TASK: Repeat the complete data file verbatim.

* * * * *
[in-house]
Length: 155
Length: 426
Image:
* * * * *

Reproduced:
[in-house]
Length: 155
Length: 426
Image: